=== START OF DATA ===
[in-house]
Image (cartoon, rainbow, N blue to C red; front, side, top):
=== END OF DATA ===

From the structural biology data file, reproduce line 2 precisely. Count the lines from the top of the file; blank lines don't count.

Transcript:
Image (cartoon, rainbow, N blue to C red; front, side, top):